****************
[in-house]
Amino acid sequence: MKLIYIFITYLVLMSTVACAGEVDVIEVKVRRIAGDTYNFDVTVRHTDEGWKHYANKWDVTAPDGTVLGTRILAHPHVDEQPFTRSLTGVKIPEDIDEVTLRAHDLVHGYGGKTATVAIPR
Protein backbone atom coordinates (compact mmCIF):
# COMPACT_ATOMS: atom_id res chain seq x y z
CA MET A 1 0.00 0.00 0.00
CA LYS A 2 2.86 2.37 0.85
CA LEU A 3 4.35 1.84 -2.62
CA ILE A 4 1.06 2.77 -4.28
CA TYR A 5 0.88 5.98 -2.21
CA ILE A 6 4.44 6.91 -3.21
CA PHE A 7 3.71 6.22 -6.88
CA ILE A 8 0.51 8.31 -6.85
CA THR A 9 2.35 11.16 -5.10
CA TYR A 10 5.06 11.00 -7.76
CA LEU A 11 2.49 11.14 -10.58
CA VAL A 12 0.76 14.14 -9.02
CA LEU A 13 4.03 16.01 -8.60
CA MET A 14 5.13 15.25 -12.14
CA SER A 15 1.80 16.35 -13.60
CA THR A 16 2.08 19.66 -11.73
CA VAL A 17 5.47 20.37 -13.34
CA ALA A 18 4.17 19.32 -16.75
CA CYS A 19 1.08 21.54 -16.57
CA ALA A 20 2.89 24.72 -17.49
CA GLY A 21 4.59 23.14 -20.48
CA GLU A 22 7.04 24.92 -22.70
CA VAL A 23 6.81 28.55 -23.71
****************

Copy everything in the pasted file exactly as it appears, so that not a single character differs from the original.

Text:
[in-house]
Amino acid sequence: MKLIYIFITYLVLMSTVACAGEVDVIEVKVRRIAGDTYNFDVTVRHTDEGWKHYANKWDVTAPDGTVLGTRILAHPHVDEQPFTRSLTGVKIPEDIDEVTLRAHDLVHGYGGKTATVAIPR
Protein backbone atom coordinates (compact mmCIF):
# COMPACT_ATOMS: atom_id res chain seq x y z
CA MET A 1 0.00 0.00 0.00
CA LYS A 2 2.86 2.37 0.85
CA LEU A 3 4.35 1.84 -2.62
CA ILE A 4 1.06 2.77 -4.28
CA TYR A 5 0.88 5.98 -2.21
CA ILE A 6 4.44 6.91 -3.21
CA PHE A 7 3.71 6.22 -6.88
CA ILE A 8 0.51 8.31 -6.85
CA THR A 9 2.35 11.16 -5.10
CA TYR A 10 5.06 11.00 -7.76
CA LEU A 11 2.49 11.14 -10.58
CA VAL A 12 0.76 14.14 -9.02
CA LEU A 13 4.03 16.01 -8.60
CA MET A 14 5.13 15.25 -12.14
CA SER A 15 1.80 16.35 -13.60
CA THR A 16 2.08 19.66 -11.73
CA VAL A 17 5.47 20.37 -13.34
CA ALA A 18 4.17 19.32 -16.75
CA CYS A 19 1.08 21.54 -16.57
CA ALA A 20 2.89 24.72 -17.49
CA GLY A 21 4.59 23.14 -20.48
CA GLU A 22 7.04 24.92 -22.70
CA VAL A 23 6.81 28.55 -23.71